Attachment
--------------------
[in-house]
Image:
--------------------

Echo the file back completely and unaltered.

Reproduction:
[in-house]
Image: